Following the increasing cases of building collapse in the country, the Standard Organization of Nigeria, SON, recently issued a directive asking all cement manufacturers to upgrade their cement quality from the 32.5 to 42.5 grade. The SON directive was hinged on the notion that low cement quality being manufactured by some companies was largely responsible for building collapse in the country.
Some civil society groups were also quick to link the incessant building collapse to the 32.5 cement grade produced by Lafarge WAPCO, United Cement Company of Nigeria (UniCem), Ashaka Cement (AshakaCem), and Cement Company of Northern Nigeria (CCNN). Lafarge and others have since denied the link.
A public hearing organised by the House of Representatives to find the root cause of building collapse have also vindicated the cement companies. The committee’s finding revealed that there was no correlation between 32.5 cement grade and building collapse.
Not withstanding the committee’s findings, the Standard Organization of Nigeria, SON has however remained adamant on its directive.
The agency specifically directed that cement with strength rating of 52.5R be used for bridges; 42.5R for casting of columns, beams, slabs and for moulding blocks, and 32.5R for plastering only.
Since that directive was issued, only Dangote cement has been able to meet the criteria with its 3X cement brand recently introduced into the market. The company is currently enjoying high market patronage as some consumers no longer go just any cement.
Some manufacturers who felt irked by the undue advantage of Dangote cement have proceeded to the court to challenge SON’s new policy.
Lafarge WAPCO for instance has dragged SON and the Ministry of Trade and Investment before a Federal High Court in Abuja over the enforcement of the new cement standard. Lafarge’s contention is that it still has a valid license to produce the old cement quality up till 2016 and should not be compelled to produce to the new standard. Other manufacturers have also filed similar suits.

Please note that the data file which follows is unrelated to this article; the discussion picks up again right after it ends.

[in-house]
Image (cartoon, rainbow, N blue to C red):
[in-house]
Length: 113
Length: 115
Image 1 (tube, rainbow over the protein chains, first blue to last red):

Some industry analysts have described the new directive as unfair. They pointed out that for some big cement manufacturers in the industry, the sudden policy direction may just amount to little trouble but for others, it would be a big burden. They are of the opinion that the policy was just an attempt to give unfair advantage to a particular leader in the industry.
Accusing fingers have also been pointed to insider abuse as it is believed that a major cement manufacturer may have been privy to the policy considering the short period it took the company to start producing the new grade.
An industry stakeholder, Akin Akinwale told P.M.NEWS Consumers Advocate that the war between cement manufacturers and the regulatory agency is not in the interest of the consumers.
Akinwale stated that since the current cement quality has been absolved of being responsible for building collapse, the regulatory agency should have given more time to cement manufacturers to upgrade their quality.
“The issue is neither here nor their. I believe it just an attempt to give undue advantage to some manufacturers. A committee has said that the current cement is good enough, so why hurry to push a new standard on the industry. Frankly, I suspect foul play here,” he said.
Speaking on the controversy Sola Salako, founder, Consumer Advocacy Forum (CAF) said that Standards Organization of Nigeria (SON) should ensure that consumers have the opportunity of making cement choices, since there has not been any scientific research showing that incessant building collapses were ever caused by 32.5 cement grade.
According to her, restriction of a particular product or brand to plastering alone should be done with adequate proof to all stakeholders and the Nigerian public, so as to create a sense of fairness and objectivity that is required of a regulatory agency.
The consumer protection activist further charged the regulatory body to create a sense of fairness to all so as not to be seen as creating monopoly in the industry adding that consumers were the ones that would eventually bear the brunt.
Reacting to allegation of gaining undue advantage through the policy, Devakumar V. G Edwin, group managing director/CEO, Dangote Cement, said that rather than making anything out of the controversy, his company was only after the best interest of Nigerians.
He added tthat those who felt his company was after monopoly must understand that Dangote cement was not getting any extra concession from anybody.